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G.2. Textmode 100x37

This chapter is a courtesy of Cedric Adjih , though I have changed some minor parts. Please note: Another method to achieve a better resolution in text mode is the use of the framebuffer driver (as explained in the X-Windows chapter above). This method requires kernel reconfiguration (some Linux distributions include an appropriate kernel already) and a new entry (vga=NNN) in /etc/lilo.conf. In text mode it works even with VESA BIOSes before version 2.0, at least on the models I could test it. Though the SVGATextMode method could be faster (couldn't check this yet).

An apparently little known fact about the Neomagic chipset NM20xx is that you can run text mode in 100x37 (i.e. 800x600). This text mode is very nice (as opposed to the 80x25 which is ugly). I tried this with a HP OmniBook 800 and suppose it might work with other laptops using the NeoMagic chip, too.

The main problem is that is a bit difficult to set up, and if you're going wrong with the commands SVGATextMode or restoretextmode some results on the LCD might be frightening. Although I didn't manage to break my LCD with many attempts going wrong, DISCLAMER: THIS MIGHT DAMAGE YOUR HARDWARE. YOU HAVE BEEN WARNED. FOLLOW THE FOLLOWING INSTRUCTIONS AT YOUR OWN RISKS. I'M NOT RESPONSIBLE IF SOMETHING BAD HAPPENS.

G.2.1. Survey

You need to do three main steps:

  1. Enable Linux to boot in 800x600 textmode. The problem is that you won't see any text before the following two steps aren't done.

  2. Automatically run restoretextmode with correct register data.

  3. Automatically run SVGATextMode.

G.2.2. More Details

All the files I have modified, are available for now on my pages

G.2.2.1. Enabling Linux to Boot in 800x600

Recent kernels (2.2.x) need to be compiled with CONFIG_VIDEO_GFX_HACK defined. Default is off. (look in /usr/src/linux-2.2.x/arch/i386/boot/video.S)

This is done by passing the parameter vga=770 to older kernels or vga=7 to 2.2.x kernels. Example with lilo.conf:

append="svgatextmode=100x37x8_SVGA" #explained later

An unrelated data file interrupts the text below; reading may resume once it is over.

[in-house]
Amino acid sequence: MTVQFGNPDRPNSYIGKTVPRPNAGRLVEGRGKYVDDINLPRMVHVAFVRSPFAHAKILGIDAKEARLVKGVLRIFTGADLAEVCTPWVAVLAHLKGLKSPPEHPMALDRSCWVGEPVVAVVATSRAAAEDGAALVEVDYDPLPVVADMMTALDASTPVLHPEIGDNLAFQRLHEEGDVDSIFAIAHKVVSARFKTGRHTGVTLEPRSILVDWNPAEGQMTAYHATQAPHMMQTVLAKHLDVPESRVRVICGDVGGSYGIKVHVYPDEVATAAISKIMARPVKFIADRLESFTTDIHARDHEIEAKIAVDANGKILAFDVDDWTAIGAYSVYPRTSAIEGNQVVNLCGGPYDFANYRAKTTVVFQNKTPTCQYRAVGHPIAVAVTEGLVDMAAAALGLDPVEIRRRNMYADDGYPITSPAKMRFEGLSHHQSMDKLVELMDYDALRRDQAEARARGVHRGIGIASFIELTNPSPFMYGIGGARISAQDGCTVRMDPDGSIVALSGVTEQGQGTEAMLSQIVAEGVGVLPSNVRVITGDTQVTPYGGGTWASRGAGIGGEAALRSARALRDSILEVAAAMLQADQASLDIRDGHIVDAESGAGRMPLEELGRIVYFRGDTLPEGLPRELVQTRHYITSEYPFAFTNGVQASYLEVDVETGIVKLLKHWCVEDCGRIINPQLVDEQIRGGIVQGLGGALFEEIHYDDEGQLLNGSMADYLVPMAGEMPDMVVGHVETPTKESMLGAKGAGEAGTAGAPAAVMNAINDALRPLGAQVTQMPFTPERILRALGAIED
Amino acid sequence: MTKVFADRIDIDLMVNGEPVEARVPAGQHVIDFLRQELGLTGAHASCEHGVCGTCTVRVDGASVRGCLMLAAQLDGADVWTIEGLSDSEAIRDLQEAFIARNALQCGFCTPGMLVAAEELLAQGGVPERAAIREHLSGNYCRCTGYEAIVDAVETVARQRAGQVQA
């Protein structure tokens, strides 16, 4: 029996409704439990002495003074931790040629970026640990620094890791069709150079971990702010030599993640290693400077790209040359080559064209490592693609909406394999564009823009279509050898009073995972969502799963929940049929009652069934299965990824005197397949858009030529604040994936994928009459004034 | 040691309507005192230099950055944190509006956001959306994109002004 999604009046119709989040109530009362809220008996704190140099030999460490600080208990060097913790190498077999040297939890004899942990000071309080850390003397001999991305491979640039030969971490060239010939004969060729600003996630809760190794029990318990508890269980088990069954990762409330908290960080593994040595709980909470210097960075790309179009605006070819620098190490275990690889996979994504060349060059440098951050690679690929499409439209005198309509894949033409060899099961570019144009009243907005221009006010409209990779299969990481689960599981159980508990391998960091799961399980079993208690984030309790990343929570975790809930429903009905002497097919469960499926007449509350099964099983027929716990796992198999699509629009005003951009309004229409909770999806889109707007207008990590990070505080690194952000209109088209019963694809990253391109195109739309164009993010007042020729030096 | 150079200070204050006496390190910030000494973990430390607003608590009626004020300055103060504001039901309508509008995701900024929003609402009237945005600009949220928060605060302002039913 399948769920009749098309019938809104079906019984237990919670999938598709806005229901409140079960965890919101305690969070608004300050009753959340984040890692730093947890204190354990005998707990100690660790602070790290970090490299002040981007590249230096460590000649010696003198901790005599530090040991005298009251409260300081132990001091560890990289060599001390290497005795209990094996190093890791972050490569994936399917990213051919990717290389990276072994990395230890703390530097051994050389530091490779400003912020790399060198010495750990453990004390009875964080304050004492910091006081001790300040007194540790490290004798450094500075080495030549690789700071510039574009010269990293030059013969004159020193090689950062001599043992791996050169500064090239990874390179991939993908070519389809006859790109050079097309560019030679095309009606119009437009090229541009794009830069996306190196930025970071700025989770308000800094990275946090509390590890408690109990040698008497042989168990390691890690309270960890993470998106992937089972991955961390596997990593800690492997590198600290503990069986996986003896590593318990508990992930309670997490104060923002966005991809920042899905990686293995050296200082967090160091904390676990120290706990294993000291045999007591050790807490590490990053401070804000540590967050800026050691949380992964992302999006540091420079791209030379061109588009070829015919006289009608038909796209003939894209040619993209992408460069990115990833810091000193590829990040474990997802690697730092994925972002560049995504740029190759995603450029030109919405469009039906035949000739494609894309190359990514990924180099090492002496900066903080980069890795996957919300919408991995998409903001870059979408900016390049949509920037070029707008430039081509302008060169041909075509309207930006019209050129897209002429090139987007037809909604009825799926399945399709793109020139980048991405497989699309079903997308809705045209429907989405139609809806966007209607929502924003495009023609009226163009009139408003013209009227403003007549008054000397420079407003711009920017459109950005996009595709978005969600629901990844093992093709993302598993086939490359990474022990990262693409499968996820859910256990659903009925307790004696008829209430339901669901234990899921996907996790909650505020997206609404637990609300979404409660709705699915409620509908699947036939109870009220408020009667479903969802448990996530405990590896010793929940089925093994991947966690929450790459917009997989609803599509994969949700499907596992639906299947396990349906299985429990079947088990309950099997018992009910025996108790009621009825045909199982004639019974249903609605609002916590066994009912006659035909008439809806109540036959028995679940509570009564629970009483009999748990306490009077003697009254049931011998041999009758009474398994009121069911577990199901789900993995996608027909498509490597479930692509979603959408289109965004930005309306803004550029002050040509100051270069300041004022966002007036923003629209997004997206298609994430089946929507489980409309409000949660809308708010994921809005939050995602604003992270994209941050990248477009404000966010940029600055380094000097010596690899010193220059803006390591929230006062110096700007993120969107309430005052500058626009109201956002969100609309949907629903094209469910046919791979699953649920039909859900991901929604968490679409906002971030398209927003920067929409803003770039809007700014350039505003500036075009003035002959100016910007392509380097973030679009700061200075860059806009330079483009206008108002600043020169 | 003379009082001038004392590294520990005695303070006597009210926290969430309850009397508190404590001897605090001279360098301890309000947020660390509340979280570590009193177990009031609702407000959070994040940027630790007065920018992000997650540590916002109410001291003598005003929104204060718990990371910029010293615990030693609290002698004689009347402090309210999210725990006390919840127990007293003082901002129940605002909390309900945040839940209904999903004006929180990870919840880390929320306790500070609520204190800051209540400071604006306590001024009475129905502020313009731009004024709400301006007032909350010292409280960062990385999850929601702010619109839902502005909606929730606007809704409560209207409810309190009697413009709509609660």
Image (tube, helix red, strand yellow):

G.2.2.2. Running restoretextmode and SVGATextMode at Boot Time

Running restoretextmode and SVGATextMode at Boot Time. You must arrange to run restoretextmode <name of some textreg.dat file> and SVGATextMode 100x37x8_SVGA at boot time.

An example textreg.dat for restoretextmode (obtained using savetextmode) is in my tar archive in tmp/, and an example /etc/TextConfig.

Since I'm lazy, I've simply put SVGATextMode and restoretextmode in the /etc/rc.boot/kbd file from my Debian/GNU Linux which get executed at boot time (also available in the tar archive).

G.2.2.3. Now the Key Point

Annoying things will be displayed if you don't use the right SVGATextMode in the right video text mode: this is why I also pass the environmental variable "svgatextmode=100x37x8_SVGA" (arbitrary name) to the kernel (using append=xxx in lilo.conf) when I also set vga=7: the script /etc/rc.boot/kbd tests this variable and calls restoretextmode and SVGATextMode IF AND ONLY IF.

G.2.3. Road Map

  1. Recompile the kernel 2.2.x with CONFIG_VIDEO_GFX_HACK

  2. Insert the restoretextmode with the correct parameter in the initialisation script, with no other changes.

  3. Boot with normal text mode (80x25) but restoretextmode: you should see the screen going to 100x37, but with only 80x25 usable. Don't use SVGATextMode yet.

  4. It is much better to conditionnalize your initialize code as I did, to keep the possibility of booting in both modes: you may test this now with some reboots (starting restoretextmode or not).

  5. Boot with 100x37 text mode using parameter vga=7 (lilo.conf), you should see white background at some point, but the characters will be black on black. This is ok. You'll have to reboot blindly now.

  6. Insert the <path>/SVGATextMode 100x37x8_SVGA after the restoretextmode in initialization scripts.

  7. Reboot with vga=7 (lilo.conf)

  8. Should be OK now. Enjoy.